Shaheen raises $1.44 million as senator ramps up for 2020 re-election

For the Monitor
Published: 4/9/2019 3:17:17 PM

Sen. Jeanne Shaheen announced Tuesday she raised $1.4 million in the first three months of the year as she seeks re-election next year.

The Democratic senator added that her campaign has more than $1.5 million cash on hand as of April 1.

The Shaheen campaign touted what they pointed to as the senator’s grassroots appeal, noting in an email that 92 percent of her contributions were less than $200 and that more than 8,600 individuals contributed.

And the campaign spotlighted that the senator “raised more money than any other candidate in New Hampshire history for this quarter respectively.”

Campaign cash, along with polling, is an important early barometer that gauges a candidate’s popularity and clout. The fundraising figures are often analyzed and scrutinized by political pundits.

Shaheen, a former three-term governor, announced in January that she was running for third six-year term representing New Hampshire in the U.S. Senate.

The then-Gov. Shaheen first ran for the Senate in 2002, losing to Rep. John. E. Sununu. But she defeated Sununu in the 2008 rematch and won re-election in 2014 against the GOP challenger, former Sen. Scott Brown.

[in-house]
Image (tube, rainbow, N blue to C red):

The $1.44 million Shaheen raised in the first quarter of this year is slightly ahead of the $1.17 she brought in during the same period in 2013, as she geared up for her 2014 re-election. Overall, the senator hauled in more than $14 million in contributions as she ran for a second term, according to data from the Federal Election Commission.

Republican Gov. Chris Sununu – the former senator’s younger brother – last month opened the door a bit to the possibility of taking on Shaheen next year rather than running for re-election.

“I don’t rule anything out,” the governor said when asked by the Monitor if he would rule out a GOP challenge against Shaheen.

If Sununu eventually decides to launch a Senate bid, it would give the GOP a high profile and popular candidate who could mount a competitive race against Shaheen, who’s also popular among Granite Staters.

The two-term governor had previously said he had “absolutely no interest” in running for Senate.

Two public opinion surveys released earlier this year indicated a hypothetical matchup between Shaheen and Sununu would be tied.

Sununu highlighted that “one thing that was evident of those polls is people in the state want someone other than Jeanne Shaheen ... I think the mandate is very clear. They want someone other than Jeanne Shaheen. Whether it’s myself or another candidate, she’s very vulnerable.”

Sununu’s comments generated a lot of buzz among some Republican Party officials in Washington, who would love to play offense in the 2020 cycle as they defend their 53-47 majority in the Senate. Twenty-two of the 34 seats up for grabs next year are held by the GOP.

Two of the top non-partisan political handicappers – the Cook Political Report and Inside Elections – currently rate Shaheen’s seat as “solid Democrat” and “likely Democrat.”

Former speaker of the New Hampshire House Bill O’Brien is also mulling a Senate run.

It’s highly unlikely that former senator Kelly Ayotte, who narrowly lost her 2016 re-election to then Gov. Maggie Hassan, would run make a bid next year to return to the Senate.




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